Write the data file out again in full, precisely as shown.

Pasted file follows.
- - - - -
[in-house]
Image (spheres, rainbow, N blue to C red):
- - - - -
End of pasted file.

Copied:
[in-house]
Image (spheres, rainbow, N blue to C red):